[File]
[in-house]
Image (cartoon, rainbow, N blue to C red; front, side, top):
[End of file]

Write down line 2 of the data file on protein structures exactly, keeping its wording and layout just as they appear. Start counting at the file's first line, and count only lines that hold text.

Image (cartoon, rainbow, N blue to C red; front, side, top):